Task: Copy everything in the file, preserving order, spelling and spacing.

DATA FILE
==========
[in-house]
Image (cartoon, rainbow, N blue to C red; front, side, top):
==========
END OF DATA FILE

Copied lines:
[in-house]
Image (cartoon, rainbow, N blue to C red; front, side, top):